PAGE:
Lecturer: Assoc Prof Matthew Sharpe
Thucydides’ History of the Peloponnesian War is arguably the founding text of the historical discipline as we know it today. Written after Thucydides, a General, had withdrawn from active service, it traces the origins and course of the great war between Athens and her Allies and Sparta and her Allies, the rise and then fall of Athens in the disastrous imperial campaign in Syracuse.
Thucydides’ remarkable opening book reconstructs early Greek history, with a view to establishing the claims of the Peloponnesian War to being the greatest Polemos up until that time.
In doing so, he stakes a claim for the superiority of his own “historical” form of inquiry over the poets led by Homer, who had elevated the Trojan War as the greatest military engagement then known.
Pitting a naval against a sea power, an inland versus a port city, a dynamic, adventurous, intellectual power versus a static, cautious and conservative one, Thucydides argues that his study of this war will be a possession for all times, since it engages such fundamental oppositions and tendencies within the human condition.
So what lessons does Thucydides allow us to draw, of a philosophical kind, from his account of Athens’ and Sparta’s struggles?
Dr Sharpe will look at the novelty of Thucydides’ mode of inquiry, with its ideal of a reasonable impartiality (a “view from on high” in a leading commentator’s phrase), as well as several celebrated episodes in the text: the plague at Athens that follows Pericles’ famous oration, the civil war in Corcyra, the Athenian treatments of Mytilene and Melos, and the lead up to the Syracusan disaster.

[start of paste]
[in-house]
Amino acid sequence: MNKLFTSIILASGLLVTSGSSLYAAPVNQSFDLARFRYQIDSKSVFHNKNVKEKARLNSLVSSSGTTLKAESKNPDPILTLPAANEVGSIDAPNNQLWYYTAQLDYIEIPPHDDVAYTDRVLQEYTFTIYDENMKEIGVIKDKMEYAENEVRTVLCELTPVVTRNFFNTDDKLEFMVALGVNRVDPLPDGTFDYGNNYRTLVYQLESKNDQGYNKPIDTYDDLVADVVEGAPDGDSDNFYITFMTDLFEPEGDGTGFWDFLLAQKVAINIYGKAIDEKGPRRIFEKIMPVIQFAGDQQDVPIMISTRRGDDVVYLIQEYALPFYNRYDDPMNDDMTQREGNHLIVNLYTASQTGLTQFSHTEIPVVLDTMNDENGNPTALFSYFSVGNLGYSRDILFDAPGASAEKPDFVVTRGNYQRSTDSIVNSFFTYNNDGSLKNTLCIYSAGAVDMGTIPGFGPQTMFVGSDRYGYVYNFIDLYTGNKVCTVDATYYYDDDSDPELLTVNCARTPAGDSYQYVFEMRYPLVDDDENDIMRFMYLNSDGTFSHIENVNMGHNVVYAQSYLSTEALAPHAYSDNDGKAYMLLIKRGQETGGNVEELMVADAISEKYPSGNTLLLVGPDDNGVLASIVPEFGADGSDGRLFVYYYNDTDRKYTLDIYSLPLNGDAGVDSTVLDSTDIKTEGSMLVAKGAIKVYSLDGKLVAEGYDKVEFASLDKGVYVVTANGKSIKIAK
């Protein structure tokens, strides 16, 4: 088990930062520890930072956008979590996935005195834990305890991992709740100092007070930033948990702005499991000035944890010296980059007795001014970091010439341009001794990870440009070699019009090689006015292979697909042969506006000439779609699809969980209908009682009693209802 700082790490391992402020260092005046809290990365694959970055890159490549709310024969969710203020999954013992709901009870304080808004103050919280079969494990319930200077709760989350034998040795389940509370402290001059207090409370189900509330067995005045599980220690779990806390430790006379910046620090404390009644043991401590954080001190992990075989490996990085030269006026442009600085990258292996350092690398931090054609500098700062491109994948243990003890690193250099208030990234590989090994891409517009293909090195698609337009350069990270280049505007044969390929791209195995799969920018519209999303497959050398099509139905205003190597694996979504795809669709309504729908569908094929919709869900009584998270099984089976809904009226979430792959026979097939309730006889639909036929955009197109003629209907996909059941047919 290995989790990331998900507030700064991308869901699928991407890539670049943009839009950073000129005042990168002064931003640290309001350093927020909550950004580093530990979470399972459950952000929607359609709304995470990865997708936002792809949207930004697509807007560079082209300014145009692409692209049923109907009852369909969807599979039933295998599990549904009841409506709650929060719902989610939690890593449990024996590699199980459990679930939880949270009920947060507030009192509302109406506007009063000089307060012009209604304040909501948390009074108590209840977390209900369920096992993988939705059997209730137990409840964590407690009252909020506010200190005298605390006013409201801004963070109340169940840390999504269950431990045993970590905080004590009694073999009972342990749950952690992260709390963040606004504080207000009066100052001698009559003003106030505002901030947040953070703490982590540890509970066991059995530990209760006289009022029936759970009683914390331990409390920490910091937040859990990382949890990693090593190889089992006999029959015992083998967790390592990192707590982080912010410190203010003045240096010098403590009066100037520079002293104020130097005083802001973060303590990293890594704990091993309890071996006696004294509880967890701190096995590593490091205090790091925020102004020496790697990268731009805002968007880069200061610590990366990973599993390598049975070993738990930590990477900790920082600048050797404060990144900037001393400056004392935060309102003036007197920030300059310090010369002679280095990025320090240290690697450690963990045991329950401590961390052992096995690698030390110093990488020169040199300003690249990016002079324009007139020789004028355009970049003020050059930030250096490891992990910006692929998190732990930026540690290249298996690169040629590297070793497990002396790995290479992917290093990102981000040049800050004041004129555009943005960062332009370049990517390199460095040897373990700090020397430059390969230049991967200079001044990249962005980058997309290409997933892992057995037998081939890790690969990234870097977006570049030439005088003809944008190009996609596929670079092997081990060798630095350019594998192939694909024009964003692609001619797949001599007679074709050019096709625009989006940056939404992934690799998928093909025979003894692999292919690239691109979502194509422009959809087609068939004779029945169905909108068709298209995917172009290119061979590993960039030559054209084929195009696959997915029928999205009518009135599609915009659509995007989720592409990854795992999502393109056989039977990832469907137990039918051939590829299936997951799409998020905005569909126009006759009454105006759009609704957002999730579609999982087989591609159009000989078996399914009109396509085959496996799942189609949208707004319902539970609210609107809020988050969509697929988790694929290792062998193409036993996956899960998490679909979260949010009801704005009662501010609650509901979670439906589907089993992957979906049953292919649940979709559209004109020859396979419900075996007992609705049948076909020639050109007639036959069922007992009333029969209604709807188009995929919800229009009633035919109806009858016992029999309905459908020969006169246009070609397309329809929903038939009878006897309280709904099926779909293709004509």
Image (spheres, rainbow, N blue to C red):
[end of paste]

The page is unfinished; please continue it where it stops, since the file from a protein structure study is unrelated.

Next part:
Dr Sharpe has an eclectic array of research interests. Increasingly, he works on classical philosophy and modern receptions thereof, and the early modern period, up to and including the French enlightenment. I am interested in the history of Western receptions of its classical past, and the rich ethical legacy left by Stoic and academic schools in particular. Amidst so many ‘returns to theology’, he is interested in the ways that we might ‘return to classical philosophy’, and in contesting reactionary versions of this idea and levelling historicising depictions of ‘modernity’ which don’t reflect historical complexity and intellectual debates.
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